S. Preston Duncan: Poetry:


Southern Legitimacy Statement: I’ve spent my life in Virginia, where I’ve worked barbecue pits and the cattle farm that supplied them. I have no idea why the twangpop on the radio tries to make riding tractors sound fun. I have two tattoos. One of them is a pig inside the Richmond flag – a double homage to the late Dan Gill who mentored me in Southern cuisine, and my good friend Ian who once stole that flag from the Jefferson Hotel. He died on a motorcycle in North Carolina. The other tattoo is my dead dog’s paw print, but I don’t know how Southern that is. My mother is Jewish (not the Southern kind), and my father is from Alabama hill country. We trace my paternal bloodline back through Appalachian Georgia, North Carolina, and Virginia to before the Revolutionary War. I live in Richmond where I have a small leathercraft business. This city is The Gateway to the South and an appropriate enough place for a mutt like me, caught between two worlds. Someday I’ll move back to where the Rappahannock River meets the Chesapeake Bay. Where I learned how to cook a hog. To quote Chris Knight, that’s my only prayer.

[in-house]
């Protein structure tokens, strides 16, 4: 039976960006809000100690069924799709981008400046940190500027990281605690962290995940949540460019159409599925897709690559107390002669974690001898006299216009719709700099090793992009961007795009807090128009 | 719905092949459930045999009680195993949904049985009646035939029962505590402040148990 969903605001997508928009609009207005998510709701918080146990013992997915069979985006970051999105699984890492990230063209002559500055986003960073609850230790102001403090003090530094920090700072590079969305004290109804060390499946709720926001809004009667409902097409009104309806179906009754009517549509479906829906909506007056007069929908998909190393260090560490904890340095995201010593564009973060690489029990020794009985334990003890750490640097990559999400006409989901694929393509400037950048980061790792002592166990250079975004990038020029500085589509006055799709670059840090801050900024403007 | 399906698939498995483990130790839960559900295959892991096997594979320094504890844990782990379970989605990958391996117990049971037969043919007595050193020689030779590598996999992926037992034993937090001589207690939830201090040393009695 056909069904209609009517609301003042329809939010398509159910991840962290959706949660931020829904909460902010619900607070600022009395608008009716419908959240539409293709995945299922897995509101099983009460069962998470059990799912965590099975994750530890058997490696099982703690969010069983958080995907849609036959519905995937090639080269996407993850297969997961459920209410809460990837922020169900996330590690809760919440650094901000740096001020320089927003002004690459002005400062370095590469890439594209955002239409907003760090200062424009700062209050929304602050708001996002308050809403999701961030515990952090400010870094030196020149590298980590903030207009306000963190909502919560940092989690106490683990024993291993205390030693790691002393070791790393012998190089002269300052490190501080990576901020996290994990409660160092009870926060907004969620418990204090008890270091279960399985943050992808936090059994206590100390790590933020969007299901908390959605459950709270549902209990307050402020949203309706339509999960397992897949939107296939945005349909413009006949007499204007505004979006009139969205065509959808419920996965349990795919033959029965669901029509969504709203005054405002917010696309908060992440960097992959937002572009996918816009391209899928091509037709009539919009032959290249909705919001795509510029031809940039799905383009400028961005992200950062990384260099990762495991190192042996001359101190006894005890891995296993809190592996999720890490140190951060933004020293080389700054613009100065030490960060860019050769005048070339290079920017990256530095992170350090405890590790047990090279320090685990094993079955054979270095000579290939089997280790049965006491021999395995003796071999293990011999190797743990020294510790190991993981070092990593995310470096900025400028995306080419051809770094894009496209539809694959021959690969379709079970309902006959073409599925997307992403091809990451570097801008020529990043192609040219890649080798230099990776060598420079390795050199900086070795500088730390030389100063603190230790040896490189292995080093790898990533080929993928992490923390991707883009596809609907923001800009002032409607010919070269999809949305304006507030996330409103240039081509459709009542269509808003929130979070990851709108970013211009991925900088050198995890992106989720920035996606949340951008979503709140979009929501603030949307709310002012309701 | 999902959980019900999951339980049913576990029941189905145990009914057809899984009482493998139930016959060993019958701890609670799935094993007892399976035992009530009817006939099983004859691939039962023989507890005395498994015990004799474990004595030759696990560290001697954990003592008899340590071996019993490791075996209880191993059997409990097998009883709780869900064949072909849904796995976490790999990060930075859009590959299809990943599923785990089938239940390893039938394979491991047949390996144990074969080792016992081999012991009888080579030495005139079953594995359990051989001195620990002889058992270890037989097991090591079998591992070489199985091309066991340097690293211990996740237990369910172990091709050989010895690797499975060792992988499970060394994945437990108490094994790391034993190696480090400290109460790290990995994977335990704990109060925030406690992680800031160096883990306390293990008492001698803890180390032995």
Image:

We Don’t Have a Grocery Store but We Got Farmer Joe’s

Joe wants to sell me soil
He is in the greenhouse
with a crown of tomatoes.

When he laughs they are green skulls
roping the shoulders of an immigrant religion.
When he stops they are tomatoes again.

Joe holds a flower pot up to his accent
Water pours right through it

You see? he says

And I do.

His suspenders are red and full of bargains.
In the cooler are fresh brown eggs
They have been spinning on the tip of a chicken all day.

Time to time a tourist stops in
They hit the gravel like sunshine
on its way across the river.

Williamsburg stretches for them in the parking lot
where bags of Joe’s soil
slump against the chain link
and get a little harder to lift every year.